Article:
Monarchs and milkweed : a migrating butterfly, a poisonous plant, and their remarkable story of coevolution / Anurag Agrawal.Material type: BookPublisher: Princeton, New Jersey : Princeton University Press, Description: ix, 283 pages : illustrations (chiefly color), color maps ; 24 cm.ISBN: 9780691166353; 0691166358.Subject(s): Monarch butterfly | Milkweed butterflies | Milkweeds | Coevolution | Monarch butterfly -- Host plants | Insect-plant relationships | Monarch butterfly
|Item type||Current location||Call number||Status||Date due||Item holds|
|Lending Books||Tall Shelves||QL561.D3 A47 2017 (Browse shelf)||Checked out||06/19/2018|
Includes bibliographical references (pages 249-270) and index.
Welcome to the monarchy -- The arms race -- The chemistry of medicine and poison -- Waiting, mating, and migrating -- Hatching and defending -- Saving up to raise a family -- The milkweed village -- The autumn migration -- Long live the monarchy!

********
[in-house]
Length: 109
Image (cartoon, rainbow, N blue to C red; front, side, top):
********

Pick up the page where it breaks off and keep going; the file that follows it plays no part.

Monarch butterflies are one of nature's most recognizable creatures, known for their bright colors and epic annual migration from the United States and Canada to Mexico. Yet there is much more to the monarch than its distinctive presence and mythic journeying. In Monarchs and Milkweed, Anurag Agrawal presents a vivid investigation into how the monarch butterfly has evolved closely alongside the milkweed--a toxic plant named for the sticky white substance emitted when its leaves are damaged--and how this inextricable and intimate relationship has been like an arms race over the millennia, a battle of exploitation and defense between two fascinating species. The monarch life cycle begins each spring when it deposits eggs on milkweed leaves. But this dependency of monarchs on milkweeds as food is not reciprocated, and milkweeds do all they can to poison or thwart the young monarchs. Agrawal delves into major scientific discoveries, including his own pioneering research, and traces how plant poisons have not only shaped monarch-milkweed interactions but have also been culturally important for centuries. Agrawal presents current ideas regarding the recent decline in monarch populations, including habitat destruction, increased winter storms, and lack of milkweed--the last one a theory that the author rejects. He evaluates the current sustainability of monarchs and reveals a novel explanation for their plummeting numbers. Lavishly illustrated with more than eighty color photos and images, Monarchs and Milkweed takes readers on an unforgettable exploration of one of nature's most important and sophisticated evolutionary relationships.